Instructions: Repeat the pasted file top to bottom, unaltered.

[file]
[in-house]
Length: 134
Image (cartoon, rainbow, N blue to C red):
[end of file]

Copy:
[in-house]
Length: 134
Image (cartoon, rainbow, N blue to C red):